Nobody is perfect, not even the most intelligent people in the world.
Robert De Niro has made a couple bad movies, like Stardust and Hide and Seek.
Michael Jordan couldn’t cut it as a baseball player, and his decision-making as a basketball executive has been spotty at best.
And Flavor Flav always chooses the wrong women on "Flavor of Love."
Now another genius has made a misstep. The smartest mind in the NFL picked a bad time to go against convention, and I’m not talking about calling a draw play on a 3rd-and-15.
As you must have seen or heard by now, Belichick opted to go for it on 4th-and-2 from New England’s own 28-yard line with two minutes remaining rather than punt the ball to Peyton Manning and Co. The rest is history.
While the majority of pundits, experts, former Patriots players and fantasy football owners have decried Belichick’s decision as terrible, there have been some people who have pointed to percentages and said Belichick made a wise move that just didn’t work. Here are a couple problems with the "wise move" movement:
The Play Calling
The Play Calling
If you know ahead of time that you are going to go for it on fourth-and-short, then why not run it on third or fourth down, if not both downs? It is not like Indianapolis’ lightweight defensive line was doing much run-stopping throughout the game.
Kevin Faulk is no Gale Sayers, yet he managed to scamper for 79 yards on 12 carries, and New England as a team had 113 rushing yards. Having Faulk run a three-yard route where there is little room for error makes little sense.
Having No Faith in Your Defense
Say the Brady-to-Faulk hookup works and New England runs out the clock and wins. Wouldn’t the young Patriots defense still have been peeved at their head coach for not trusting them? And no doubt the defense in not happy with him now that the idea failed miserably. Former Pats Pro Bowlers Rodney Harrison and Tedy Bruschi echoed that sentiment on television.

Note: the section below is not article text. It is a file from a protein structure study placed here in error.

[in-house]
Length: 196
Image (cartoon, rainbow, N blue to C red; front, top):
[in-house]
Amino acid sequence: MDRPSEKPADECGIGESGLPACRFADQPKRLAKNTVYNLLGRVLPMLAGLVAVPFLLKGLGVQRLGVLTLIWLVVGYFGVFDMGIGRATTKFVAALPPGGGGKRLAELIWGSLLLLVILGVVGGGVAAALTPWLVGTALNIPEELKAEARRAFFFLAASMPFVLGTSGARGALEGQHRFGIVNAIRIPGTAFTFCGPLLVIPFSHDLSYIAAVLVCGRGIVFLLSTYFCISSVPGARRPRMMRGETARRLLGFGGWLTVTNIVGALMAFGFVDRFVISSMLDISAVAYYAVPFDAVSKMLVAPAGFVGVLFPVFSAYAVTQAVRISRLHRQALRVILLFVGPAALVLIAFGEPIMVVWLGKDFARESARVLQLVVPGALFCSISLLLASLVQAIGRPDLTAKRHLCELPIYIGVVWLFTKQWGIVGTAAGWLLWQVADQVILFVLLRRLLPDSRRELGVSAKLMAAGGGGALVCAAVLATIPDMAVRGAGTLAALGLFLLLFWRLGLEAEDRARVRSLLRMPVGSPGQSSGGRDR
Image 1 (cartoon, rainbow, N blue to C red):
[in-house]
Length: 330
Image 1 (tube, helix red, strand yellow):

ESPN’s Merrill Hoge had one of the weirdest theories this week. He claimed that Belichick showed he had faith in his defense by going for it, because he proved to them that he thought they could stop Manning and his merry men if the Pats handed them the ball at the 28.
Huh? If Belichick had so much faith in his defense, why not punt the ball and make the Colts go 70 yards for a touchdown instead of 28?
Speaking of having faith in your defense, that’s exactly what Indianapolis head honcho Jim Caldwell had in his. Many people could/would have second-guessed Caldwell’s decision to kickoff to New England with 2:23 left on the clock.
The Patriots had no problem moving the ball via land or air all game and all they really needed was one first down to end things, because even if they didn’t get a second there would have been a tiny amount of time for that wizard Manning to create any magic. Yet no one talks about how that decision by Caldwell might have been just as important as Belichick’s in the final outcome.
Run and Shoot